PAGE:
Algebra (CoYoneda f) a 
Algebra (CoYoneda f) a 

= (by definition) CoYoneda f a > a 
= (by definition) CoYoneda f a > a 

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~ (by currying) forall b. (b > a) > f b > a 
~ (by currying) forall b. (b > a) > f b > a 

= (by definition) MendlerAlgebra f a 
= (by definition) MendlerAlgebra f a 

−  Generalized Catamorphisms 
+  </haskell> 
+  
+  == Generalized Catamorphisms == 

Most more advanced recursion schemes for folding structures, such as paramorphisms and zygomorphisms can be seen in a common framework as "generalized" catamorphisms[7]. A generalized catamorphism is defined in terms of an FWalgebra and a distributive law for the comonad W over the functor F which preserves the structure of the comonad W. 
Most more advanced recursion schemes for folding structures, such as paramorphisms and zygomorphisms can be seen in a common framework as "generalized" catamorphisms[7]. A generalized catamorphism is defined in terms of an FWalgebra and a distributive law for the comonad W over the functor F which preserves the structure of the comonad W.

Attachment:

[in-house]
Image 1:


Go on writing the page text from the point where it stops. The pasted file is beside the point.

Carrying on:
+  <haskell> 

type Dist f w = forall a. f (w a) > w (f a) 
type Dist f w = forall a. f (w a) > w (f a) 

type FWAlgebra f w a = f (w a) > a 
type FWAlgebra f w a = f (w a) > a 

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g_cata k g = extract . c where 
g_cata k g = extract . c where 

c = liftW g . k . fmap (duplicate . c) . outF 
c = liftW g . k . fmap (duplicate . c) . outF 

+  </haskell> 

However, a generalized catamorphism can be shown to add no more expressive power to the concept of a catamorphism. That said the separation of a number of the "book keeping" concerns by isolating them in a reusable distributive law can ease the development of FWalgebras. 
However, a generalized catamorphism can be shown to add no more expressive power to the concept of a catamorphism. That said the separation of a number of the "book keeping" concerns by isolating them in a reusable distributive law can ease the development of FWalgebras. 

We can transform an FWalgebra into an Falgebra by including the comonad in the carrier for the algebra and then extracting after we perform this somewhat more stylized catamorphism: